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Modular waste-to-energy system is cost-competitive at smaller scales

| By Scott Jenkins

A newly launched modular waste-to-energy system is capable of delivering off-grid heat and power with competitive economics to a variety of locations, including military bases, remote sites and commercial installations, according to creator Enexor BioEnergy LLC (Franklin, Tenn.; Under a contract from the U.S. Army Corps of Engineers announced in April, the company is testing the proprietary units, known as Bio-CHP, on locally generated organic waste from U.S. Navy vessels and bases.

The Bio-CHP units are housed in 20-ft custom shipping containers that can be trucked to various locations to provide combined heat and power by combusting organic material, such as food waste, agricultural waste, seaweed, wood waste and others. Enexor has also designed a companion unit to combust common, non-chlorinated packaging plastics, such as polyethylene (PE), polypropylene (PP) and polyethylene terephthalate (PET).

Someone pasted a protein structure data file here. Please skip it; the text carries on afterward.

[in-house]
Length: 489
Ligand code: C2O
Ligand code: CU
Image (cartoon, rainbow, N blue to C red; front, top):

“These ‘behind-the-meter’ energy units are based on advanced combustion, not on gasification, which tends not work economically at smaller scales,” explains Enexor CEO Lee Jestings. “Among the keys to the technology is a specially designed turbine that was custom-made for this application, as well as a high-temperature ceramic filter for cleaning the exhaust stream, and advanced heat exchangers.”

Rather than selling the modular units, Enexor is using an “energy-as-a-service” model, where the user will pay for the heat and power consumed onsite, but the company will own the units. “Application areas for these units include any location where organic waste is generated, such as food-processing facilities, military installations, distilleries, island resorts and others,” Jestings says.